Pieter (L): Allerheiligste Verlosser en St. Petrus (J.H.J. Kayser,
1874-1875) part 1/2
when it was annexed by Maastricht and became a neighbourhood of the
city, St. Pieter was a village and a municipality in its own right. The
village is known to have had a church as early as the 12th century.
This church, named St. Petrus, stood more to the north and was several
times demolished and rebuilt for being in the firing range of
Maastricht. In 1755 a new church was built on the slope of the hill St.
Pietersberg. This was a small one-aisled building, more a chapel
actually, and built of marl, the type of limestone the hill was made
of. Later this small church was extended with a side-aisle, but in 1872
the decision was made to replace it with a new church. This new church
was built next to the old one and was completed in 1875. The old church
was demolished in 1897.
The St. Pieter op de Berg (St. Peter on the mountain), as the new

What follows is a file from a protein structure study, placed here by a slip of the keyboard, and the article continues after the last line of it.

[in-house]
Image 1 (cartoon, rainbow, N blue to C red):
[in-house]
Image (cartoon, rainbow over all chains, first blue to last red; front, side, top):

church was soon called, was the first church designed and built by J.
Kayser. This architect had just left the employment of P.J.H. Cuypers'
office. The St. Pieter was designed in a neo-Gothic style
based on early French Gothic, much like many of Cuypers' churches.
It's a three-aisled basilica with a robust tower on the east side;
obviously the wish to have the tower facing the village prevailed over
the "holy" rule to have the choir pointing towards the east.
Ironically, while the church was literally built on top of marl, this
traditional material was not used, and instead the church was built of
locally made bricks.
In 1939 a new church was built in St. Pieter, not far from where the
medieval church of St. Petrus had been. The church on the hill was
closed and served several profane uses until it was reopened in 1954,
this time called Allerheiligste Verlosser en St. Petrus to prevent
confusion with the "new" St. Pieter.